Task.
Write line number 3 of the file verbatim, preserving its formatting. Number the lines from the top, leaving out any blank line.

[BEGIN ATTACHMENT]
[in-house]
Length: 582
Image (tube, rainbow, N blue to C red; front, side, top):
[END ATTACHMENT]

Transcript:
Image (tube, rainbow, N blue to C red; front, side, top):